background preloader

Lecture notes

Facebook Twitter

Grading Papers with Word 2010 and Windows 7 (cc) Bloomingapps. Learning-Design-Process. LearningStrategies. Strategies for Online Teaching. Science Magazine: Sign In. 15-1 Indigenous Students Voices: Monitoring Indigenous Student Satisfaction and Retention in a Large Australian University. Back to AAIR Journal Volume 15, No. 1 Published in Volume 15, No. 1, 01 September 2010 Printer friendly version Mahsood Shah, University of Canberra, Australia Jacquie Widin, University of Technology, Sydney, Australia Submitted to the Journal of Institutional Research June 2010, accepted for publication August 2010.

15-1 Indigenous Students Voices: Monitoring Indigenous Student Satisfaction and Retention in a Large Australian University

Indigenous student satisfaction with the university learning and teaching experience matters. This article outlines a strategy used by a large Australian university to listen to Indigenous students’ voices by initiating an Indigenous Student Satisfaction Survey. Indigenous student participation, satisfaction and retention in higher education across Australia is abysmally low (Hossain, Gorman, Williams-Mozley, & Garvey, 2008). This article reports on an Indigenous student satisfaction survey undertaken in 2008 in a large, multi-campus university in the outlying suburbs of an Australian capital city. The issue of student satisfaction underpins the delivery of higher education.

CREATING EFFECTIVE PRESENTATIONS TEMPLATE. Lecturing. By CFT assistant director Derek Bruff The Basics “Lecturing is not simply a matter of standing in front of a class and reciting what you know.


The classroom lecture is a special form of communication in which voice, gesture, movement, facial expression, and eye contact can either complement or detract from the content. No matter what your topic, your delivery and manner of speaking immeasurably influence your students’ attentiveness and learning.” The above quote is from “Delivering a Lecture,” a chapter in Barbara Gross Davis’ classic text Tools for Teaching. See also Davis’ chapter, “Preparing to Teach the Large Lecture Course.” When planning a lecture, keep in mind that you have control or influence over several elements of your classroom: Visual Message – The slides and other visual aids you use can either complement or confuse your verbal message, depending on how you design them.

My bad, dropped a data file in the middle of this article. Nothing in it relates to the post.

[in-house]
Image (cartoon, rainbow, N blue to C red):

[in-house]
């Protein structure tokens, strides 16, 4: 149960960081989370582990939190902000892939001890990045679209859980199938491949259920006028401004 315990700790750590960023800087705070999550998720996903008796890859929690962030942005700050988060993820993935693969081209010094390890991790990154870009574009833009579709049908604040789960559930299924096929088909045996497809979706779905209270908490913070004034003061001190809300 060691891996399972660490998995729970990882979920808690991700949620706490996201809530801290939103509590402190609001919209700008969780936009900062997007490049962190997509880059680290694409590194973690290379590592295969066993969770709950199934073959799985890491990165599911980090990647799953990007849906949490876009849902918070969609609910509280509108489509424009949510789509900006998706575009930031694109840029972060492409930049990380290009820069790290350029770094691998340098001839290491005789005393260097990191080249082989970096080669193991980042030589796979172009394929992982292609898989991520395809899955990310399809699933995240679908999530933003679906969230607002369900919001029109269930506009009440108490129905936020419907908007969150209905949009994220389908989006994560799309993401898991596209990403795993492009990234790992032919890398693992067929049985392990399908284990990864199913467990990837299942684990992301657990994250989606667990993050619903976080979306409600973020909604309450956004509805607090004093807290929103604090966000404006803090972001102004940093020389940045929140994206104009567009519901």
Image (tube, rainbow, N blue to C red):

Effective Visuals Keep it simple. Interactive Lectures For additional ideas, see the following: Video - How to Create a Padlet Wall for Your Classroom. TFTlectures. Lectures play a vital role in teaching.


There will always be a place for lectures in the curriculum -- to give technical material or factual information, to provide structure to material or an argument, to display a method or example of how one thinks in a given field, or even to inspire and motivate students to explore further. At the same time, it often enhances both your presentation of the material and students’ learning when students are able to participate in some way.

When students engage actively with material, they generally understand it better and remember it longer. Asking for student participation highlights the distinction between faculty covering material and students learning it. Student participation often results in covering less material during a semester. Note: If you decide to invite student participation in lectures, consider beginning with the very first lecture, when norms and expectations for class are being established. Beginning the lecture (or course) 1. 2. Teaching and Learning at Indiana University, Bloomington. Handbook Table of Contents > Teaching Methods > Lecturing Introduction Adapted with permission from Farris, 1985.

Teaching and Learning at Indiana University, Bloomington

Index. Welcome to the University of Minnesota's online workshop on Designing Smart Lectures.


The goal of this tutorial is to help you redesign your lectures to engage students actively and creatively. How to Use this Tutorial Using the menu on the left you can enter this workshop at any point. If you're a first-time visitor, we suggest that you begin with Video: Examples and Video: Overview. The first is a good example of several lecturing techniques in an auditorium.

For further research on any of these topics, we've provided an annotated Resources section. Contact Us Please e-mail us with any questions at Contact Us If you have any comments or questions about this tutorial, please email us at 7. 149130. Creating and assessing positive classroom learning environments.

When you walk in the door of certain classrooms, you can feel "it.

Creating and assessing positive classroom learning environments.

" The classroom has a positive atmosphere and you can sense that this is a good place to be. What defines this positive classroom environment? Can "it" be described and assessed? When teachers feel that they have created classroom environments that positively engage students and optimize their learning, teachers' self-efficacy soars and their classroom has "it. " Teachers can take certain steps to create those "friendly" environments in which they and their students can thrive. This article presents a brief introduction to the field of learning environments and describes a learning environment questionnaire--called What Is Happening in This Class? Learning Environments A great deal of research and evaluation in education has been heavily dependent on measures of academic achievement and other learning outcomes; however, these measures cannot provide a complete description of the educational process.

Conclusion References. TheDispositonstoTeach.